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Michelle Tong
Assistant Professor of Psychology

Michelle received her Bachelor of Science in psychology with a minor in Biology from Queen's University in Kingston, Ontario, in 2010. Her interest in research was piqued during those years through many independent study projects, including projects studying heart remodeling after cardiac arrest, biological motion perception, and spatial navigation in honeybees.

After her honors thesis with Professor Li-Jun Ji looking at cultural differences in the use of affect as information in judgments of life satisfaction, Michelle decided that human beings were too troublesome as research subjects. In 2015, she received her doctorate from Cornell University where she explored the molecular mechanisms of olfactory memory in a rodent model.

Contact Info

Campus Mail
Drawer 118



303 Landrum Bolling Center

Office Hours
Mondays, 1:30 p.m. - 3:00 p.m., or by appointment

Website Link


  • Psychology
  • Neuroscience


  • Ph.D., Cornell University
  • B.A., Queen's University

Selected Courses:

PSYC 115  Introduction to Psychological Perspectives
PSYC 486  Comprehensive Research Projects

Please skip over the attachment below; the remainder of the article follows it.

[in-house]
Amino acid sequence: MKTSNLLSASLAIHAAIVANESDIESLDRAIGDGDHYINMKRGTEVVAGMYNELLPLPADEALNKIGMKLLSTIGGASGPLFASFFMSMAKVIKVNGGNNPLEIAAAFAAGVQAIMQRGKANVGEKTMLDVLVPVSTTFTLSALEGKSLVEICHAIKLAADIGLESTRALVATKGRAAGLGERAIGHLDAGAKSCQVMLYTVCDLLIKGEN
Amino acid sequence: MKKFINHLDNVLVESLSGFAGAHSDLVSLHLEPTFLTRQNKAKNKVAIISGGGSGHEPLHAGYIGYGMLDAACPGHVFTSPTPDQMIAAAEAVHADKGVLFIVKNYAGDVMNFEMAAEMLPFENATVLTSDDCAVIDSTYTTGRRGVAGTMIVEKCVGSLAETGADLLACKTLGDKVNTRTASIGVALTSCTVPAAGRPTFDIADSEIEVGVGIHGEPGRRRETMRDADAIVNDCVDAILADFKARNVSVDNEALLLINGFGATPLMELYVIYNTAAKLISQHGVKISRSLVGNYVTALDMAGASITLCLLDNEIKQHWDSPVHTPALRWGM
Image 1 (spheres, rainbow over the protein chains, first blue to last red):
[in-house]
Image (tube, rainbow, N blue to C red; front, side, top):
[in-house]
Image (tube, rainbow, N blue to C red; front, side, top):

For animals that live in an unpredictable world, the ability to process and remember their sensory environment accurately is crucial for survival. My research focuses broadly on how such sensory representations form (learning) and persist (memory). Specifically, I’m interested in the molecular mechanisms that underlie olfactory memory — not only in the downstream effects of these molecular mechanisms, but also in the way in which the timing of these mechanisms, in the post-learning period, contributes to memory representations.

Tong, M. T., Kim, P. T-Y., & Cleland, T. A. (In prep). TrkB activity in the olfactory bulb is needed for consolidation of long-term, but not short-term memories.

Tong, M. T., Peace, S. T., & Cleland, T. A. (2014). Properties and mechanisms of olfactory learning and memory. Frontiers in behavioral neuroscience, 8.

Earlhamites not only care deeply about the world around them, but are also deeply informed. It’s a joy to work with students who have this characteristic. It means that we can discuss diverse topics and work together to figure out how psychology and neuroscience can help solve real-world issues.

Earlham students are passionate individuals who know how to dream big. They care, and at a time where apathy is so tempting, Earlham students are an inspiration.

Student researchers have been involved in every aspect of research in my lab, and I look forward to working with Earlham students in the same way.

I enjoy reading books. Each year I like to choose a theme for the books I read. In 2016, I read books by authors or about people who have experienced being immigrants. In 2017, I plan to read books exploring experiences of crossing social class divides.

I enjoy doing yoga, photography and hiking.